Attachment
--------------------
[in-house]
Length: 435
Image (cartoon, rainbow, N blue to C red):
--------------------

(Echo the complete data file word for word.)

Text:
[in-house]
Length: 435
Image (cartoon, rainbow, N blue to C red):